J. D. Pearson was the most influential librarian in Oriental and African studies ever known in Britain. When he was appointed to the library of London University's School of Oriental and African Studies in 1950, the library had 17 staff members and a stock of 100,000 volumes; when he gave up the librarianship 22 years later the staff stood at 40, the stock at some 500,000 items, and it was the most important library of its kind in Europe.
James Douglas Pearson was born in 1911 and educated at Cambridge County High School for Boys. He left school at the age of 16 with, as he himself termed it, "undistinguished attainments" and secured a post as a book-fetcher, or "library boy" in the Cambridge University Library.
Inspired by the example of the librarian, A.F. Schofield, he developed a passion for languages that became a byword among his contemporaries in the library. "A scholarship was then found for me at St John's College," he recalled, "and there, and later at Pembroke College . . . I was able to indulge an addiction to Oriental languages for six years." The scholarship was for Hebrew and his studies lasted from 1932 to 1936, when he returned to the University Library as an Assistant in the Oriental Section.
Called up for military service in 1941 as a signaller, he was later transferred to the Field Security section of the Intelligence Corps and served in Germany at the end of the war. Demobilised from the Army on the last day of 1945 he returned to Cambridge University Library as an Assistant Under-Librarian.
His first marriage was dissolved and he later married Hilda Wilkinson, who was to assist fully with his bibliographical work. The demands of a growing family (he had four sons) meant that, when in 1950 he was offered the post of Librarian at the School of Oriental and African Studies, he accepted even though it meant leaving Cambridge.
At SOAS the library was only just being re-assembled after its wartime dispersal, and was housed in numerous different stores throughout various buildings; the staff was small, and the book-buying budget tiny. Pearson applied himself with energy to promoting the library's cause in the councils of SOAS and to securing increased staff and money to buy books. Academics going on study leave in Africa or Asia were supplied with lists of wanted titles and money to make local purchases. Gradually, in spite of accommodation problems, the library became better equipped to serve the teaching and research needs of the school.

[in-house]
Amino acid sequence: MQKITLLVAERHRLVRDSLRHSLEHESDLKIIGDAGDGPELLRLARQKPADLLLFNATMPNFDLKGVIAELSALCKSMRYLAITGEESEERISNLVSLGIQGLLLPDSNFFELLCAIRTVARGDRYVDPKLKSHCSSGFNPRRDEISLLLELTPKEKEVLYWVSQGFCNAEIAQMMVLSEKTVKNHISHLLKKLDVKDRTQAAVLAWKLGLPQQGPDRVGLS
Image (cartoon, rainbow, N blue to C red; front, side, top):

Major expansion came with the appointment of a new Director, Sir Cyril Philips, in 1957. Philips appreciated the need for a strong library to underpin the special studies undertaken by SOAS, and encouraged Pearson to expand the library and its staff. He secured a grant from the Rockefeller Foundation to support SOAS and among the projects was a series of country- wide surveys of manuscripts relating to Asia and Africa. These surveys were supervised by Pearson and carried out by Doreen Wainwright and Noel Mathews and published by Oxford University Press.
Meanwhile Pearson had already begun his work on Oriental manuscripts with Oriental Manuscript Collections in the Libraries of Great Britain and Ireland (1954), followed later by Oriental Manuscripts in Europe and North America: a survey (1971). But his principal work, Index-Islamicus, 1906-1955 (1958), is a catalogue of periodical articles on Islamic subjects, continued in succeeding cumulations and quarterly issues, and regularly cited as "Pearson".
He was responsible for initiating the first listings of higher degrees in African and Asian studies and securing their publication; he chaired the first International Conference on African Bibliography in Nairobi in 1967 and edited the proceedings (1970) with Ruth Jones; he published A Bibliography of Pre-Islamic Persia (1975); revised and annotated the Asian and African entries from Besterman's A World Bibliography of Bibliographies (1975); edited South Asian Bibliography: a handbook (1979); and after retirement produced a supplementary volume (1984) to Creswell's bibliography of Islamic art and architecture, and continued to revise the Wainwright and Mathews surveys, working on them in the University Library up to a few weeks before his death. …